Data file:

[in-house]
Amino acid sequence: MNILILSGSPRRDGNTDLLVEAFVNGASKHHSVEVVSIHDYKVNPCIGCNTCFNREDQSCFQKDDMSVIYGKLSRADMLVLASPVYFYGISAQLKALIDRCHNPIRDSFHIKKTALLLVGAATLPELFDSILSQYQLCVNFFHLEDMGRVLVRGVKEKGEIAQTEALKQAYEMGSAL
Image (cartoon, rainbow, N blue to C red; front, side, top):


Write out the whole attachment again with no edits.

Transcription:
[in-house]
Amino acid sequence: MNILILSGSPRRDGNTDLLVEAFVNGASKHHSVEVVSIHDYKVNPCIGCNTCFNREDQSCFQKDDMSVIYGKLSRADMLVLASPVYFYGISAQLKALIDRCHNPIRDSFHIKKTALLLVGAATLPELFDSILSQYQLCVNFFHLEDMGRVLVRGVKEKGEIAQTEALKQAYEMGSAL
Image (cartoon, rainbow, N blue to C red; front, side, top):